Thrift
  1. Thrift
  2. THRIFT-1920 Binary Type
  3. THRIFT-830

Switch binary field implementation from byte[] to ByteBuffer

    Details

    • Type: Sub-task Sub-task
    • Status: Closed
    • Priority: Blocker Blocker
    • Resolution: Fixed
    • Affects Version/s: None
    • Fix Version/s: 0.4
    • Labels:
      None

      Description

      Instead of using byte[] as the implementation for binary fields, let's use ByteBuffer.

      There's nothing that you can do with byte[] that you can't also do with ByteBuffer, and there are more things you can do with ByteBuffer. It opens the way for us to avoid needless buffer copies on serialization and deserialization. It gives us a generally accepted equals() and compareTo() implementation, so we don't have to have custom cases for that anymore.

      Making this change will probably cause more than a little bit of trauma, changing the method signatures in both TProtocol and generated code. It's possible that I could be persuaded to support a command line switch for producing old-style byte[] methods in some contexts, but I'd love not to waste time supporting suboptimal features.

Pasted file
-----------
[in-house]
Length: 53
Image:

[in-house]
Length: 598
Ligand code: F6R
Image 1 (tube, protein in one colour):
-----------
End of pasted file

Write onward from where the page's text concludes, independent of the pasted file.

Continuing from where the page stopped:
1. thrift-830.patch
        36 kB
        Bryan Duxbury

        Issue Links

          Activity

          Hide
          Bryan Duxbury added a comment -

          Here's my first go at this change. All the tests pass.

          Show
          Bryan Duxbury added a comment - Here's my first go at this change. All the tests pass.
          Hide
          Jonathan Ellis added a comment -

          Cassandra is testing this over in CASSANDRA-1324.

          Show
          Jonathan Ellis added a comment - Cassandra is testing this over in CASSANDRA-1324 .
          Hide
          Nate McCall added a comment - - edited

          After some initial experimentation patching these changes into Cassandra I have found some strange behavior.

          It appears the message is not being broken up correctly into component parts. When I examine the message to retrieve the key, it appears the whole message body is intact within the buffer. For example when I expect to receive "k1", the buffer contains the entire contents of a Cassandra insert: